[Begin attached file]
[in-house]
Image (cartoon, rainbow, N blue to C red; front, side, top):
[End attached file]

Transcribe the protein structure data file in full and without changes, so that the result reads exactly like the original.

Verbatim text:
[in-house]
Image (cartoon, rainbow, N blue to C red; front, side, top):